What is a domino effect? You line a box of dominoes up in a pattern, knock one down, and what happens? If you set the pieces up correctly, the one you knock down will hit the one behind it which will, in turn, hit the one behind it and this really cool and quick process of dominos falling one by one will ensue until the last has dropped. That’s a domino effect.
What would happen if you removed a single domino in the middle of your pattern? The dominoes would still fall, but once the missing domino’s place was reached, the effect would stop. In essence, removing a single piece changes the outcome of the effect.
Life is a lot like dominoes. From the day we are born, the first piece is tipped. Our patterns are large and complex. We are like a sea of dominoes with infinite directions of possibility. The direction we take in life is influenced by people and events—some within our control and some not—and when one of those direction influencing components intervenes (like removing a dominos from the pattern), the result can be life changing.
Why are we talking about dominoes and life? Because it so aptly illustrates the topic of cognitive behavioral intervention versus prison. And here’s why:
CBI Intervenes to Change Life Courses
Cognitive Behavioral Intervention or CBI Classes is just one of the court services our team offers. The concept behind it is much like that of substance abuse treatment versus prison. At its core, the goal is to intervene at an opportune moment in time to pull a domino from the cascade in progress and redirect the person involved to a better path. Unlike substance abuse treatment, CBI targets first-time offenders with a misdemeanor such as trespassing, shoplifting, or larceny.
According to the National Institute of Justice (NIJ), CBI is a stand out in the criminal justice system. Says the NIJ, “[It] reduces recidivism [i.e. re-offending or repeat offenses] in both juveniles and adults.” According to a study undertaken by Mark Lipsey of the Vanderbilt University, those subjected to punishment and deterrence systems (like prison) commonly increased repeat offense behavior while those given a therapeutic approach based on counseling and skill building reduced further repeat behaviors.
Understanding Why CBT Works
Why does cognitive behavioral therapy work? Simply put, it targets the root of the problem which is most often flawed thinking. CBI classes have a heavy focus on beliefs, values, and attitudes. It was Winston Churchill who once said, “Attitude is a little thing that makes a big difference,” and CBT aptly demonstrates the truth of his wisdom.
Perceptions directly impact one’s behavior. Sometimes one’s views are skewed. CBI works to find and correct any such irregularity, particularly the ones that lead to criminal charges. It focuses on the why versus the what, which means zeroing in on the underlying sequences that lead to the person’s legal trouble. For example, a case of first-time shoplifting could be due to any of the following:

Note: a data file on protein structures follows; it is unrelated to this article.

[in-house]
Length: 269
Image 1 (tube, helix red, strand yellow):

- A lack of problem-solving skills or poor decision making.
- Immature or irrational thought patterns.
- Inability to foresee consequences.
- Impulsive behaviors.
- A belief of entitlement.
- An inability to manage emotions and the reactions or actions they generate.
- The belief that force is necessary to achieve the desired outcome.
- An egocentric viewpoint loaded with an inability to trust others.
- Ignoring the rights of others.
Instead of punishing the results of such cognitive processes through prison, CBI seeks to pinpoint the underlying issues that lead to the criminal activity. It’s a means of working toward a long-term solution.
Why Long-Term Change Beats Prison
But why focus time and resources on a program that could potentially call for long-term therapy and counseling? Is it worth the investment of resources versus what is already devoted to our state and federal penitentiaries?
In 2015, we published an in-depth blog covering the benefits of substance abuse treatment versus prison. One of the top benefits we uncovered was monetary savings. Research indicated that if just 40 percent of eligible offenders received the proper substance abuse treatment, it would save the criminal justice system some $13 billion each year! Carry this same study over to the impact CBI, and CBT programs can have on first-time offenders, and the savings could be dramatic.
More importantly, the changes that CBI programs put into play in the lives of participants lead to crime reduction and a better future for those who attend, apply, and stick with the ideas and skills taught. Cognitive behavioral intervention is a proven way to remove the domino that leads to a life of repeat offenses and criminal activity. What does this accomplish? It effectively changes the domino effect in one person’s life—an effect that causes more dominoes to fall both in their life and the lives of those affected by their actions—sending them toward a better future. For some, it derails a life altering event while pushing them in the direction of becoming a productive member of the community.
Stigma Be Gone
But for programs like cognitive behavioral intervention to work, we as a community must muster a serious supply of stigma be gone. It’s a widely accepted belief that criminals choose to be criminal and therefore deserve the full extent of any punishment the justice system deems applicable. And while there will always be cases where a person turns to a life of crime because they simply want to, there are many, many more where the person at fault has lost their way. In these cases, intervention can be as positive, beneficial, and challenging as a drug or alcohol intervention.
So do your part. You can help end the stigma surrounding poor decision making and substance abuse. It all starts with learning more. Here’s some light reading to get you started: